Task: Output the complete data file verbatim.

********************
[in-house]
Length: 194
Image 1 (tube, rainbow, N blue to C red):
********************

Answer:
[in-house]
Length: 194
Image 1 (tube, rainbow, N blue to C red):